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Thu, 02/23/2023 - 17:37


Advances in Complex SystemsVol. 25, No. 07, 2250010

Among diverse topics in complex network analysis, the idea of extracting a small set of nodes which can maximally influence other nodes in the network has a variety of applications, especially for e-marketing and social networking. While there is an abundance of heuristics to identify such influential nodes, the method of quantifying the influence itself, has not been investigated in the research community. Most of the classical and state-of-the-art works use Diffusion tests for influence benchmark of a particular set of nodes in the network. The underlying study challenges this method and conducts thorough experiments to show that for real-world applications, the diffusion test alone is not only insufficient, but in some cases is also an inaccurate method of benchmarking. Using eight widely adopted heuristics, 25 networks were tested using Diffusion tests and compared with resilience test, we found out that no single algorithm performs consistently on both types of tests. Thus, we conclude that a more accurate way of benchmarking a set of influential nodes is to run diffusion tests alongside resilience test, in order to label a certain technique as best performer.

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Scaling up the self-optimization model by means of on-the-fly computation of weights

Thu, 02/23/2023 - 15:28

Natalya Weber; Werner Koch; Tom Froese

The Self-Optimization (SO) model is a useful computational model for investigating self-organization in “soft” Artificial life (ALife) as it has been shown to be general enough to model various complex adaptive systems. So far, existing work has been done on relatively small network sizes, precluding the investigation of novel phenomena that might emerge from the complexity arising from large numbers of nodes interacting in interconnected networks. This work introduces a novel implementation of the SO model that scales as O(N2) with respect to the number of nodes N, and demonstrates the applicability of the SO model to networks with system sizes several orders of magnitude higher than previously was investigated. Removing the prohibitive computational cost of the naive O(N3) algorithm, our on-the-fly computation paves the way for investigating substantially larger system sizes, allowing for more variety and complexity in future studies.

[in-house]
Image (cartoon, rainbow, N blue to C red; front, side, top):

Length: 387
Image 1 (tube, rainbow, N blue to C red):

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How fingerprints get their one-of-a-kind swirls

Wed, 02/22/2023 - 17:43

The intricate patterns are created during fetal development when fine ridges on the skin form and crash into each other.